Meysam Abolmaali

Iran University of Medical Sciences, Iran

Title: Evaluating predictive value of preoperative clinical and imaging findings on the short-term outcome of surgery in patients undergoing lower lumbar discectomy


The most common indications for spinal surgery are low back pain and associated disabilities caused by disc herniation. Given the high prevalence of low back pain, and knowledge about the influencing and predisposing factors, the clinical and radiologic findings associated with pain relief and postoperative recovery were evaluated in patients who underwent bilateral lumbar discectomy. A prospective cohort study included adults with symptomatic disc herniation in the L4-L5 and L5-S1 segments who were candidates for bilateral discectomy. Before and after surgery, patients were evaluated for lumbar and radicular pain and the Oswestry Disability Index (ODI) score and at 4-, 12-, and 24-week follow-up. Meanwhile, a variety of demographic, clinical, and radiologic factors was collected and statistically analyzed. The mean age was 41.2 years, with 22 males and 8 females. Statistical analysis revealed that radicular pain and disability associated with low back pain significantly decreased following surgery (P=0.001). However, there was no significant reduction in back pain (P>0.05). Patients with a higher body mass index (BMI) and neurological claudication had a lower reduction in radicular pain (P<0.05). Moreover, a higher BMI and the presence of instability pain are associated with an increased likelihood of postoperative lumbar pain relief (P<0.01). Among the radiological variables, increased disc height was associated with a more rapid recovery from low back disability (P=0.003). Furthermore, a larger diameter of paraspinal muscles at the level of the herniated disc was associated with a more rapid improvement of lower back pain (P=0.021). Finally, we conclude that Age, BMI, neurological claudication, instability pain, and paraspinal muscle diameter played a role in postoperative pain relief. Increased disc height was associated with a more rapid decline in the ODI score. Future studies with larger sample sizes are recommended.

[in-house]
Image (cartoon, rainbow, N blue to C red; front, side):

Meysam Abolmaali has completed his course as a general practitioner at the age of 27 years from Iran University of Medical Sciences (IUMS), Tehran, Iran. In 2017, he began his path by joining the Student Research Committee at IUMS. Shortly after, he awarded the best poster in the 19th Annual Research Congress of Iranian Medical Sciences Students (19ARCIMS). Since then, he contributed in more than twenty publications as the first author, co-author, or correspond author. These papers have been cited over 90 times, and his publication h-index is 5. He has been working as a physician in emergency department and partial-time researcher, simultaneously. Spine and discopathy is of his favourite field in the research area.